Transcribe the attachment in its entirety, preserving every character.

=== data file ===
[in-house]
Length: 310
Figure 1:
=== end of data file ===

[in-house]
Length: 310
Figure 1: